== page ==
She's very possessive of me and used to chase other horses away from me, even biting them. She's super competitive and likes to be first in any trail ride whenever she can manage it. She and I have had a lot of learning experiences together since I never trained a horse before and I am only an intermediate rider. She goes to trainers periodically to further her education, and she is doing wonderfully. I take her out to ride as often as I can, which is not nearly as often as I would like it to be. I like nothing better on this earth than riding with Esmae.

This is a picture of her tacked up for our morning ride this morning in Eagle, Idaho. We rode up to a rocky canyon and looked across at the hawks, the birds and the ground squirrels. It was a great ride and I look forward to the next one, though it will likely have to be a few weeks away due to another big work project I have to push through.

Sunday, July 8, 2007

Deer & Hummingbirds


This week's camping spot was north of Soldier Mountain off a small forest service road, 227. Past Arrowhead Rock there's a veer in the road with old mines marked on the map. We found a nice spot with water and relative isolation.

On the way home this morning we saw three deer close to the road. Above is a shot of a doe, who stood and looked at us for awhile. On the way home we stopped for coffee at a place in the middle of nowhere which had numerous hummingbird feeders and at least a dozen hummingbirds.

Tuesday, July 3, 2007

Buster's ER Visit

I went horseback riding this Sunday with a friend, and it was our best ride of the season so far. Though we only went 5 miles or so, we did more trotting than we have before and the the horses did great on everything asked of them. As always, at the end of the ride the horses got checked over, and we rinsed them off and let them go graze.

Last night, my farrier came and found a nail in Buster's foot. Buster is an easy-going red quarterhorse, and he wasn't happy about having that nail touched. I assumed we'd just pull it, but the farrier said we didn't dare without a vet telling him to, as once you take it out you can never determine where it was and how far it went, what structures it hit and whether it got to the bone. Infections could develop, and it could result in lameness or even a fatality. That got my attention.

After numerous calls to track down an after hours equine vet (as the emergency number at the clinic wasn't working) I finally ran one down. We had to trailer Buster out to the ER to get weighed, x-rayed, examined, get the nail out, and get an iodine wash and a poultice. (They use diapers to keep the poultice on, which is a nice touch...fastened with duct tape). He is expected to make a full recovery, but has to be confined for 7 days and have antibiotics and an anti-inflammatory.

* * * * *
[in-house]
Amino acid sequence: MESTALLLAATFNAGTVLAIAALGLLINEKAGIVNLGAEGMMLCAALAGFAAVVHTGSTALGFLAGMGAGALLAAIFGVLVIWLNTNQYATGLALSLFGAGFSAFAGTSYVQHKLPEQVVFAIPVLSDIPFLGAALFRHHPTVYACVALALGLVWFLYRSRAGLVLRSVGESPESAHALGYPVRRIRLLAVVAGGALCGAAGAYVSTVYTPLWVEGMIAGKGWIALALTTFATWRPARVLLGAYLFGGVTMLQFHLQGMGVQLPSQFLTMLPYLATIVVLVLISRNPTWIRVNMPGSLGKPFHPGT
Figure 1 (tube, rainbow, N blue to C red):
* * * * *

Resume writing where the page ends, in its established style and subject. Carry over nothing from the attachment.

In five years, this is Buster's first ER visit. Esmae my mare, has the market on accidents it seems. Turns out she is a better patient; Buster doesn't like to take medicine. Fortunately he is not quite as smart as Esmae so I was able to trick him into the second dose this morning by slathering the pills in corn syrup and feeing with some grain.

Sunday, July 1, 2007

The Perfect Campsite




Friday I was desperate to escape the heat of the City, the noise, and the people. On the spur of the moment we set out to try to find a camping spot in a remote area where we could have some peace and quiet.

We took Highway 55 towards Lowman from Boise, but the trailhead we were going to try and seek out was closed off. So, we went further and ended up in Lowman, then on Forest Service Road 364. I wasn't sure what to expect as there was a campground marked on the map (and we never stay at campgrounds, yuk). What we found were wonderful small, private campsites - no not a developed campground. The first one we came to was too near the road to let the dogs run free without worry. The second one was the PERFECT Idaho campsite.

It offered a stream with a lot of water, and both rocky overlooks and a small, sandy beach with a small trail down to it. It had a soft, level, pine needle padded tent site, a fire pit (though we didn't use it), and it was isolated enough from the road not to be seen. The sound of the water was soothing and the temperature of the evening/night was excellent.

I was surprised at the lush forest undergrowth. There were lots of ferns, brush and wildflowers in addition to pine trees. The river banks had lovely moss covered rocks and overall it offered a perfect Idaho scene. Less than two hours from Boise, it was a great escape.

We spent evening cozy in the tent with the dogs; while they dried off from swimming the river we played cards. It was the best night's sleep I've had in weeks. And, it was close enough to Boise that we got up when it was light and headed home in time to make Farmer's Market on Saturday morning downtown. Idaho is just a staggeringly great place to live.